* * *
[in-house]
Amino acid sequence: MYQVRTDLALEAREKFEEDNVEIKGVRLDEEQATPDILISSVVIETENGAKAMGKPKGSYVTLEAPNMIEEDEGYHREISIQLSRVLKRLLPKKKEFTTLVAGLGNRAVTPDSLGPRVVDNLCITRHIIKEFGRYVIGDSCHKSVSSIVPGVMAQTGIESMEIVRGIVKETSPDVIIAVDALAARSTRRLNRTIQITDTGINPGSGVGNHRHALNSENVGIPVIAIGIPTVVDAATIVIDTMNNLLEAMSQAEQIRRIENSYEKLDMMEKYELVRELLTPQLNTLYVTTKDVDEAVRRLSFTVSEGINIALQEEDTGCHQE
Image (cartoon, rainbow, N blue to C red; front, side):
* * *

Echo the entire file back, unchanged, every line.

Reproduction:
[in-house]
Amino acid sequence: MYQVRTDLALEAREKFEEDNVEIKGVRLDEEQATPDILISSVVIETENGAKAMGKPKGSYVTLEAPNMIEEDEGYHREISIQLSRVLKRLLPKKKEFTTLVAGLGNRAVTPDSLGPRVVDNLCITRHIIKEFGRYVIGDSCHKSVSSIVPGVMAQTGIESMEIVRGIVKETSPDVIIAVDALAARSTRRLNRTIQITDTGINPGSGVGNHRHALNSENVGIPVIAIGIPTVVDAATIVIDTMNNLLEAMSQAEQIRRIENSYEKLDMMEKYELVRELLTPQLNTLYVTTKDVDEAVRRLSFTVSEGINIALQEEDTGCHQE
Image (cartoon, rainbow, N blue to C red; front, side):